"[Some of my opponents] do not want to change the Constitution, but I believe it's a lot easier to change the constitution than it would be to change the word of the living God, and that's what we need to do is to amend the Constitution so it's in God's standards rather than try to change God's standards,"

Well, if anything can motivate us to become active IN SUPPORT of the CONSTITUTION AS IT STANDS it's comments like that. Statements such as Huckabee's should serve as a great rallying cry for all Americans who do not want to see christian sharia law run rampant here in the land of the free and the home of the brave!

Friday, January 11, 2008

Victor J. Stegner's God: The Failed Hypothesis

I read this book this past December, and it was excellent. If you've already read Richard Dawkins' The God Delusion, then Stegner's book will be a nice follow-up. He's an astro-physicist, and he pursues God as a scientific hypothesis.

Wednesday, January 9, 2008

Questions for Candidates

Here is a list of interesting questions for political candidates which I origionally posted on the Santa Cruz Atheist blog. It comes courtesy of the American Humanist Association.

Pointed Questions for Presidential Candidates.

Over the past seven years we've watched as the president and congress have repeatedly breached Thomas Jefferson's wall of separation between church and state. But now you can act to prevent a continuation of this process. At every opportunity you have, ask the candidates pointed questions on this issue. Or call on your local media to ask such questions. Write letters to the editor expressing church-state concerns. Request that your friends ask such questions. Let's make 2008 the year we begin to set things right as we publicly hold the feet of all presidential candidates to the proverbial fire.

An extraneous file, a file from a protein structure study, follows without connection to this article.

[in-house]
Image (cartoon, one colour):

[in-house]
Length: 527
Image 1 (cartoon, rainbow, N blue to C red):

Here are ten questions to draw from or to modify in your own words.
1. Leaders of the religious right often say that America is a "Christian Nation." Do you agree with this statement?
2. Do you think houses of worship should be allowed to endorse political candidates and retain their tax exempt status?
3. Do you think public schools should sponsor school prayer or, as a parent, should this choice be left to me?
4. Would you support a law that mandates teaching creationism in my child's public school science classes?
5. Do you think my pharmacist should be allowed to deny me doctor-prescribed medications based on his or her religious beliefs?
6. Will you respect the rights of those in our diverse communities of faith who deem same-gender marriage to be consistent with their religious creed?
7. Should "faith-based" charities that receive public funds be allowed to discriminate against employees or applicants based on religious beliefs?
8. Do you think one's right to disbelieve in God is protected by the same laws that protect someone else's right to believe?
9. Do you think everyone's religious freedom needs to be protected by what Thomas Jefferson called "a wall of separation" between church and state?
10. What should guide our policies on public health and medical research: science or religion?

These suggested questions were developed by First Freedom First, a joint project of Americans United for Separation of Church and State and the Interfaith Alliance Foundation. First Freedom First is cosponsored by the American Humanist Association and its allies in the community of reason. So we urge you to use one or more of these questions if you attend a Town Hall meeting or another event where candidates for office will be gathering.